How do you want to be remembered? What kind of legacy do you want to leave? This is the prayer I’ve prayed more than any other prayer in my life. Help me to be, God, an authentic man of humble integrity who passionately loves you, my family, the lost, and the body of Christ. That’s what I’d hope I could be. When it comes to things like success … this was my prayer: God, help my character to be bigger than my platforms. I know that if I have a big platform without character, I’m just a target that’s going to make a big mess in the future. Frankly, I’d ask the audience to pray for me. I’m thankful that God’s allowed me to have a fruitful life, but if you were to say, Bobby, what is it you fear the most about life? I’d say, well, me. I fear myself. I fear, on a bad emotional day, my own stupidity. Saying the wrong thing. Doing the wrong thing.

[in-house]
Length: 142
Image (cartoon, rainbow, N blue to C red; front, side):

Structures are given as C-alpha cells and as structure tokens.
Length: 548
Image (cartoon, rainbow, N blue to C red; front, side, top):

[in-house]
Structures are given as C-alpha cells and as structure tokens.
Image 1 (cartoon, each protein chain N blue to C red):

Sometimes I get overwhelmed when I look out and think, boy, I could live 40 more years. How am I not going to mess this all up? God, give me the grace to live one day at a time. To be faithful to you. To make it to the end. That’s what I want.

Listen to Warren Smith’s complete conversation with Bobby Conway on Listening In.

Warren Cole Smith

Warren is the host of WORLD Radio’s Listening In. He previously served as WORLD’s vice president and associate publisher. He currently serves as president of MinistryWatch and has written or co-written several books, including Restoring All Things: God's Audacious Plan To Change the World Through Everyday People. Warren resides in Charlotte, N.C.